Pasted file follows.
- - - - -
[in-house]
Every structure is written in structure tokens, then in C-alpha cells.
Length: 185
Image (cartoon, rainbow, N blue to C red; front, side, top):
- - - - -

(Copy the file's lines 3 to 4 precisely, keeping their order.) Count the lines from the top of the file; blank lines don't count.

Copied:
Length: 185
Image (cartoon, rainbow, N blue to C red; front, side, top):